The Big Game
The culmination of the NFL season was marked by the Super Bowl on Sunday. This major event is not just an athletic competition but also has an economic impact projected to be in the hundreds of millions of dollars. This year, the day after the Super Bowl happens to fall on February 14th, which is widely known as Valentine’s Day. But this date also has a historical implication in the NFL. On this date in 1996 the Cleveland Browns, who were in the process of moving to Baltimore, fired their head coach. The Baltimore team, re-named the Ravens after the move, went on to win the Super Bowl in 2001 and have enjoyed decent success since, reaching the playoffs multiple times and again winning the Super Bowl in 2013. With that success it would seem the Baltimore team arguably made some wise decisions.
On the other hand, Cleveland was awarded another football franchise in 1999 which has been mediocre, and at times downright lousy, since its revival. As for the fired coach, he moved around the league as an assistant coach before again being given the opportunity to be a head coach in 2000. The first season was a losing one with his new team achieving a record of 5-11; paltry by NFL standards. There were low expectations for the following season, especially after the team’s star quarterback was injured during the second game of the year. The coach was then forced to turn to the backup quarterback, who happened to be a 4th string rookie on the prior year’s roster and it would seem as if all was lost with the coach’s job in potential jeopardy. But a funny thing happened; despite low expectations, the team started winning games and eventually went on to win the Super Bowl that season.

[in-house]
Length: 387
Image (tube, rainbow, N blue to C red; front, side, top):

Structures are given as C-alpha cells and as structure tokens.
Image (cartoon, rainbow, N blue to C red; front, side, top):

This chain of events provides some valuable lessons about maintaining a positive outlook and having confidence, despite how bad the odds may look. It is also a reminder to be sensible and make wise decisions based upon diligent analysis. When the personnel moves were made by these teams, they were most likely based upon thorough evaluations using the best information available at the time. Making investment decisions such as picking stocks or managing portfolios involves a similar process. Sometimes the best laid plans do not work out, but comprehensive analysis of available information tends to increase the chances for success. This is especially true when entering retirement. It is vital to analyze different scenarios and have a well thought out plan for replacing your income, regardless of how the market performs.
The S&P 500 was unable to put together a third consecutive week of gains after suffering moderate sell-offs during the last two days of the week. A higher-than-expected inflation reading on Thursday sent the market reeling with the Consumer Price Index (CPI) showing an annual increase in prices of consumer goods at being 7.5%, the largest annual increase in 40 years. This renewed speculation the Federal Reserve may raise interest rates by 50 basis points, or one-half of one percent, at their upcoming meeting in March. There is also a chance they could intervene prior to the meeting and begin to raise interest rates sooner, but we find that rather unlikely since they are still buying bonds and have not fully wound down that program. Our prediction is the Fed will wait until the March meeting to raise interest rates, but only by one-quarter of one percent. Certain parts of the economy remain fragile so the Fed will be concerned about the shock a larger rate increase may cause. It is also worth noting that interest rate increases take some time to have an impact so the Fed will not want to act too quickly in fear of causing greater harm than needed.